The Foreign Service Journal, January-February 2016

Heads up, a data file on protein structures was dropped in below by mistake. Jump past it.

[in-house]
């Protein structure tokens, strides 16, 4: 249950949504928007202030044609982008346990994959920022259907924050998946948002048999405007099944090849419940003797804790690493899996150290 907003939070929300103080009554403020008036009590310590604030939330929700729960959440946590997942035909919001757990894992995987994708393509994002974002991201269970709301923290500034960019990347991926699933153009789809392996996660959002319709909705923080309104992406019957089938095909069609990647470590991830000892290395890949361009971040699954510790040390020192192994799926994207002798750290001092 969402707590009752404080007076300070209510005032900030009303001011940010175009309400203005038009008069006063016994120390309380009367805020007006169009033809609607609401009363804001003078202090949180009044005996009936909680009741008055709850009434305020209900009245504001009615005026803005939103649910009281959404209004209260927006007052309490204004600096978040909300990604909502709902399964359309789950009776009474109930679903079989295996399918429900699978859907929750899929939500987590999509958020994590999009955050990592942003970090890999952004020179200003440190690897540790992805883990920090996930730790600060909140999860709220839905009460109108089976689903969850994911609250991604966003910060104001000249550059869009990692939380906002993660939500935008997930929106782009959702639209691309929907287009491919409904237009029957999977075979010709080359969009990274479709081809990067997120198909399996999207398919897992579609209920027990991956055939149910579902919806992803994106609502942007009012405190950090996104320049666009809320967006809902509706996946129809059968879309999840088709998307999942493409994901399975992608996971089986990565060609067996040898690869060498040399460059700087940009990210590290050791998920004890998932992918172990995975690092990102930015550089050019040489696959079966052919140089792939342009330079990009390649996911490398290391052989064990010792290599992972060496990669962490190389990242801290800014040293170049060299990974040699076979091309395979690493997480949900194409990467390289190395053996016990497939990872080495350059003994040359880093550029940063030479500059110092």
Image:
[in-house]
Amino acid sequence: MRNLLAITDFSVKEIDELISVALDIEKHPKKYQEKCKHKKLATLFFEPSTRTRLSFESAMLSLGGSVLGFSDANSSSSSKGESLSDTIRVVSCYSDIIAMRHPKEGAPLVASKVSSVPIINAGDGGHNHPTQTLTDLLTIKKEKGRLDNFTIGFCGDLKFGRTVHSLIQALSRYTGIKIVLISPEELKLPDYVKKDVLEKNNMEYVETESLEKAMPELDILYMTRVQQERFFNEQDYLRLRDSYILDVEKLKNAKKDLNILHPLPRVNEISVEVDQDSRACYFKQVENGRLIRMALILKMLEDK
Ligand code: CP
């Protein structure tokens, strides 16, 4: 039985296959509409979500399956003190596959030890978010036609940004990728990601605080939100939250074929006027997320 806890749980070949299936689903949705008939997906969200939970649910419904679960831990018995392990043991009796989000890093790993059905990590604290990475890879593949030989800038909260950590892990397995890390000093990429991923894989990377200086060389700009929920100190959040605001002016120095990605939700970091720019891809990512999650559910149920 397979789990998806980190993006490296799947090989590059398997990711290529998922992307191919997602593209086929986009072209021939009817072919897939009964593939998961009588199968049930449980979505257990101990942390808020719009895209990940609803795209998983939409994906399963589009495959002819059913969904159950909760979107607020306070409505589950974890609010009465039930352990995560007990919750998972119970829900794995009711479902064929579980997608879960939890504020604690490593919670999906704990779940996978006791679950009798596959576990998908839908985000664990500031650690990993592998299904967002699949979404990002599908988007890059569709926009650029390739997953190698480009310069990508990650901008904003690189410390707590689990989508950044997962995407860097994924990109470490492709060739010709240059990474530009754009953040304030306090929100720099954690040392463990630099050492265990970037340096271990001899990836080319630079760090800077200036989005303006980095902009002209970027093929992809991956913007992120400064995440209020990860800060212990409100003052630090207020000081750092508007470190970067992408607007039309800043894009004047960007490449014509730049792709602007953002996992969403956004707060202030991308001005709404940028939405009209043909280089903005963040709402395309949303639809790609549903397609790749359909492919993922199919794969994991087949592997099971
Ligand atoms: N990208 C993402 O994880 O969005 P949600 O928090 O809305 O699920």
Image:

52 JANUARY-FEBRUARY 2016 | THE FOREIGN SERVICE JOURNAL T his is a cautionary tale about what early- onset Alzheimer’s did to a colleague, my wife Zandra Flemister. No Alzheimer’s case is alike, but instances of the disease are growing all too prevalent. Its onset is very easy tomiss or misidentify. As yet there is nomeans of prevention and no cure, but there are measures that can be taken to soften the impact. We managed to take most of them, but we did a lot of groping. I hope our journey can help others if they must travel that road. Zandra joined State in June 1978. The Foreign Service was her lifelong goal, and she loved the challenges of consular work. In 2006, after her most challenging and rewarding assignment— supervisory consul general in Islamabad—Zandra was selected for the Senior Foreign Service. She didn’t know that she was in the early stages of Alzheimer’s. In 2010, having struggled while John Collinge met Zandra Flemister in June 1978 as a fellowmember of the 136th A-100 class, and they married in 1981. He later lateraled from the State Department to the Central Intelligence Agency, fromwhich he retired in 2009. Mr. Collinge nowworks as an independent contractor at the National Declassification Center located at the National Archives at College Park. He is amember of the Arizona Bar. In January, he will leave the Archives to pursue independent research and serve as a volunteer family advocate at Arden Courts. serving as State’s deputy at the Terrorist Screening Center, she knew that another foreign assignment was out of the question. Only a fewmonths into a tour at the Board of Examiners, she knew she could not master the job and made the painful decision to request retirement. Zandra had just turned 59. Alzheimer’s is the master thief. First it stole her career, next her memory, then her personality. In time, it will kill her. She is 64. A Slow Decline into Professional Ineffectiveness Alzheimer’s creeps up and envelops like the fog. In most instances there is no knowing why, certainly not in Zandra’s case where there was no family history of dementia. However, ongo- ing research into why women develop Alzheimer’s at a higher rate than men points to the effect of stress, estrogen and surgi- cal anesthesia. Concussion may also play a role. Zandra led a controlled-stress life typical of a Foreign Service officer in this age of terrorism. She added juggling career and raising a moderately autistic son. Before joining State she pioneered as the first African- American woman selected to be a Secret Service agent, spend- ing much of her four years protecting the family members of Presidents Gerald Ford and Jimmy Carter. She also suffered a serious concussion in an auto accident during the 1976 presiden- tial campaign. Chronic fibroids prompted five surgeries during her Foreign Service career and recourse to the estrogen patch for nearly 20 years. We do not know when her Alzheimer’s began, but in 2005 as A Foreign Service Officer’s Alzheimer’s Journey FOCUS This is the heartbreaking story, told by a devoted spouse, of a vibrant and trailblazing FSO’s descent into the most insidious form of dementia. BY JOHN COL L I NGE ON MENTAL HEALTH CARE FOR THE FOREIGN SERVICE